The two biggest weapons for Google have been the Panda and Penguin Updates which target different on and off page techniques. There is a ton of info about these updates around so I won’t go into detail about them here apart from saying that Panda attacks poor onsite content, duplication and technical screw-ups whereas Penguin is all about your back-link profile and how it is configured.
And they have been highly effective!
Unfortunately there always seems to be a fair amount of collateral damage associated with each update and because of this there is a lot of extreme ill feeling directed toward the search giant as well. This is understandable – how would it feel to have a 90% drop in sales overnight without any forewarning and often for no real reason?
Not that great I’m sure.
How can you improve your website results?
5 SEO essentials almost anyone can implement
This is not a definitive list of essential SEO techniques and strategies but if you implement these you will have the foundations for a compliant, healthy website.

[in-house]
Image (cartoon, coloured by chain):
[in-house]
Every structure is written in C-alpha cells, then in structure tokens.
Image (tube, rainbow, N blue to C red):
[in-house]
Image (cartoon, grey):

Think of this as the start of an ongoing commitment to keeping your site healthy in search. And these concepts are exactly the same if you are a large corporation or a single entrepreneur business.
Number 1 – Correctly setting up 301 redirects
Sorry to start with the technical stuff… but…
This is one that has become more and more critical with each change to the Panda update.
One of the issues that Panda identifies and punishes is duplicate content. And Panda really doesn’t care if the duplication is designed to trick Google or whether it is accidental. Google’s philosophy is simple – know the rules and fix any potential problems.
The last 12 months has seen technical compliance elevated in status so now every website owner needs to be a “distinguished engineer”!